The Japanese army stationed in the Sichuan North Road, blocking the way from the civic center to the concession. From: 1.Shanghai Special City Works Bureau, 上海特别市工务局, Shanghai Te Bie Shi Gong Wu Ju Ye Wu Bao Gao Di Er Qi Di San Qi Liang Qi He Kan, Shanghai, 1929. (edited by the author)
The Japanese army stationed in the Sichuan North Road, blocking the way from the civic center to the concession.
From: 1. Shanghai Special City Works Bureau, 上海特别市工务局, Shanghai Te Bie Shi Gong Wu Ju Ye Wu Bao Gao Di Er Qi Di San Qi Liang Qi He Kan<上海特别市工务局业务报告第二期、第三期两期合刊>, Shanghai, 1929. (edited by the author)

Though the new civic center in Jiangwan has a lot of problems in design and was largely destroyed by war in 1937, it still has a profound impact on the urban fabric of Shanghai as well as later urban plans. Wujiaochang area is a prominent example to show the long-term influence of this civic center, which will be discuss in details in later post.

 

Endnote

[1] The report of Mayor Zhang and Director Shen 张市长沈局长之报告, Dao Lu Yue Kan 道路月刊, 33(1933), 2

[2] Interior Ministry Archive 内政部档案, Cheng Wei Jue Ding Shanghai Te Bie Shi Zhong Xin Qu Shi You 呈为决定上海特别市中心区事由, (Shanghai, 1933)

[3] Wei Shu魏枢, <The Greater Shanghai Plan> Qi Shi Lu—Jin Dai Shanghai Hua Jie Du Shi Zhong Xin Kong Jian Xing Tai De Liu Bian《大上海计划》启示录——近代上海华界都市中心空间形态的流变, (Southeast University Press 东南大学出版社, 1995), 86

[4] Government of Shanghai Special City 上海特别市政府, Shanghai Shi Zheng Zhai Yao上海市政概要,(Shanghai, 1934), 6-11.

[5] Shanghai Shi Zhongxin Quyu Jianshe Weiyuanhui 上海市市中心区域建设委员会, Jian She Shanghai Shi Shi Zhong Xin Qu Yu Ji Hua Shu 建设上海市市中心区域计划书, (Shanghai, 1930)

[6] Shanghai Shi Zhongxin Quyu Jianshe Weiyuanhui 上海市市中心区域建设委员会, Zhi Yuan Su She Juan职员宿舍卷, (Shanghai, 1932)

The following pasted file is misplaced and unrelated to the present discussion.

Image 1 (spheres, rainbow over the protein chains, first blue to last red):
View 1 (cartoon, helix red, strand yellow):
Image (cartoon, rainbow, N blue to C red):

[7] Shanghai City Archives 上海市档案馆, 王国贤等(上海市参议会)关于请市府将繁荣南市以拓展本市中心区减低人口密集程度作为实施大上海计划之初步的提案(提字第二百卅五号), (Shanghai, 1927)

[8] Yu Shien 俞世恩. “1929 Nian Da Shanghai Ji Hua De Te Dian Ji Qi Shi Bai Yuan Yin Chu Tan 1929 年 “大上海计划” 的特点及其失败原因初探”, Li Shi Jiao Xue Wen Ti 历史教学问题 003 (2014): 118

 

 

Bibliography

  1. Interior Ministry Archive 内政部档案, Cheng Wei Jue Ding Shanghai Te Bie Shi Zhong Xin Qu Shi You 呈为决定上海特别市中心区事由, Shanghai, 1933.
  2. Shanghai City Archives 上海市档案馆, 王国贤等(上海市参议会)关于请市府将繁荣南市以拓展本市中心区减低人口密集程度作为实施大上海计划之初步的提案(提字第二百卅五号), Shanghai, 1927.
  3. Shanghai Shi Zhongxin Quyu Jianshe Weiyuanhui 上海市市中心区域建设委员会, Zhi Yuan Su She Juan职员宿舍卷, Shanghai, 1932.
  4. Shanghai Special City Government上海特别市政府, Shanghai Shi Zheng Zhai Yao上海市政概要,Shanghai, 1934.
  5. “The report of Mayor Zhang and Director Shen 张市长沈局长之报告”, Dao Lu Yue Kan 道路月刊, 33(1933):2
  6. Shanghai Shi Zhongxin Quyu Jianshe Weiyuanhui 上海市市中心区域建设委员会, Jian She Shanghai Shi Shi Zhong Xin Qu Yu Ji Hua Shu 建设上海市市中心区域计划书, Shanghai, 1930.
  7. Wei Shu魏枢, <The Greater Shanghai Plan> Qi Shi Lu—Jin Dai Shanghai Hua Jie Du Shi Zhong Xin Kong Jian Xing Tai De Liu Bian《大上海计划》启示录——近代上海华界都市中心空间形态的流变, Southeast University Press 东南大学出版社, 1995.
  8. Yu Shien 俞世恩. “1929 Nian Da Shanghai Ji Hua De Te Dian Ji Qi Shi Bai Yuan Yin Chu Tan 1929 年 “大上海计划” 的特点及其失败原因初探”, Li Shi Jiao Xue Wen Ti 历史教学问题 003 (2014): 116-120.

1 Comment on “Shanghai (1927-1937) / Civic Center- Manifestation and Problems

  1. Official accounts of urban development often say that their plans are built upon tabula rasa, yet this is not always the case, as we find in other cities such as HK or Shenzhen. Are there, say, maps from even earlier historical periods to suggest whether the official statement is true or not? Or can we induce from anomalies in the contemporary condition?